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Proceedings Paper

Quantitative evaluation of Alzheimer's disease
Author(s): S. Duchesne; G. B. Frisoni
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Paper Abstract

We propose a single, quantitative metric called the disease evaluation factor (DEF) and assess its efficiency at estimating disease burden in normal, control subjects (CTRL) and probable Alzheimer's disease (AD) patients. The study group consisted in 75 patients with a diagnosis of probable AD and 75 age-matched normal CTRL without neurological or neuropsychological deficit. We calculated a reference eigenspace of MRI appearance from reference data, in which our CTRL and probable AD subjects were projected. We then calculated the multi-dimensional hyperplane separating the CTRL and probable AD groups. The DEF was estimated via a multidimensional weighted distance of eigencoordinates for a given subject and the CTRL group mean, along salient principal components forming the separating hyperplane. We used quantile plots, Kolmogorov-Smirnov and χ2 tests to compare the DEF values and test that their distribution was normal. We used a linear discriminant test to separate CTRL from probable AD based on the DEF factor, and reached an accuracy of 87%. A quantitative biomarker in AD would act as an important surrogate marker of disease status and progression.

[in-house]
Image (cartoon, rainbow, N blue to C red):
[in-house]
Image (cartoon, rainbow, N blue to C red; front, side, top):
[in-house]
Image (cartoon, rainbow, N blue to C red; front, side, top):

Paper Details

Date Published: 3 March 2009
PDF: 5 pages
Proc. SPIE 7260, Medical Imaging 2009: Computer-Aided Diagnosis, 726013 (3 March 2009); doi: 10.1117/12.810804
Show Author Affiliations
S. Duchesne, Univ. Laval (Canada)
G. B. Frisoni, IRCCS, Fatebenefratelli (Italy)


Published in SPIE Proceedings Vol. 7260:
Medical Imaging 2009: Computer-Aided Diagnosis
Nico Karssemeijer; Maryellen L. Giger, Editor(s)

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